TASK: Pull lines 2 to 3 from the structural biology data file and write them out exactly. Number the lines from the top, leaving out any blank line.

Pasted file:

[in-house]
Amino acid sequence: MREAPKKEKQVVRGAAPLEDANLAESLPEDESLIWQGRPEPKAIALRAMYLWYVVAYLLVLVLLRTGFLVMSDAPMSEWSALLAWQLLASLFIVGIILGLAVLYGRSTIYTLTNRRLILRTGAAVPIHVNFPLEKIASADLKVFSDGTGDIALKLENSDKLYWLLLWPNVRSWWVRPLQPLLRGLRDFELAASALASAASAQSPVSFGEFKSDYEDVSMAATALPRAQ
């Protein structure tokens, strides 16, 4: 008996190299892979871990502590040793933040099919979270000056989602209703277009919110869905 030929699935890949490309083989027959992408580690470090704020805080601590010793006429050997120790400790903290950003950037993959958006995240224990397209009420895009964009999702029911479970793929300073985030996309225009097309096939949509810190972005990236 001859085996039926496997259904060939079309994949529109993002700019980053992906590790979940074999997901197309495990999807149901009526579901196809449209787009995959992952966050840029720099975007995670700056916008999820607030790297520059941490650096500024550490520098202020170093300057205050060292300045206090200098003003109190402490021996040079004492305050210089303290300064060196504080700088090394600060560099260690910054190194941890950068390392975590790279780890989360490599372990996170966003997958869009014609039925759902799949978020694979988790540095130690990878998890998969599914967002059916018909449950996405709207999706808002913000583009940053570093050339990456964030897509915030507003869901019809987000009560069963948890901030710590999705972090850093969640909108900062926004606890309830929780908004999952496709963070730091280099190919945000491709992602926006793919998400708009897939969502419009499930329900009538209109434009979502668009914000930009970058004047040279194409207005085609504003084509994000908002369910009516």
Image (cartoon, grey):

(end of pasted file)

Amino acid sequence: MREAPKKEKQVVRGAAPLEDANLAESLPEDESLIWQGRPEPKAIALRAMYLWYVVAYLLVLVLLRTGFLVMSDAPMSEWSALLAWQLLASLFIVGIILGLAVLYGRSTIYTLTNRRLILRTGAAVPIHVNFPLEKIASADLKVFSDGTGDIALKLENSDKLYWLLLWPNVRSWWVRPLQPLLRGLRDFELAASALASAASAQSPVSFGEFKSDYEDVSMAATALPRAQ
């Protein structure tokens, strides 16, 4: 008996190299892979871990502590040793933040099919979270000056989602209703277009919110869905 030929699935890949490309083989027959992408580690470090704020805080601590010793006429050997120790400790903290950003950037993959958006995240224990397209009420895009964009999702029911479970793929300073985030996309225009097309096939949509810190972005990236 001859085996039926496997259904060939079309994949529109993002700019980053992906590790979940074999997901197309495990999807149901009526579901196809449209787009995959992952966050840029720099975007995670700056916008999820607030790297520059941490650096500024550490520098202020170093300057205050060292300045206090200098003003109190402490021996040079004492305050210089303290300064060196504080700088090394600060560099260690910054190194941890950068390392975590790279780890989360490599372990996170966003997958869009014609039925759902799949978020694979988790540095130690990878998890998969599914967002059916018909449950996405709207999706808002913000583009940053570093050339990456964030897509915030507003869901019809987000009560069963948890901030710590999705972090850093969640909108900062926004606890309830929780908004999952496709963070730091280099190919945000491709992602926006793919998400708009897939969502419009499930329900009538209109434009979502668009914000930009970058004047040279194409207005085609504003084509994000908002369910009516």